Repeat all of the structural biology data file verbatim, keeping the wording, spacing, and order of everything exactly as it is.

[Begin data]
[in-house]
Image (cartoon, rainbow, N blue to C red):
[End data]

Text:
[in-house]
Image (cartoon, rainbow, N blue to C red):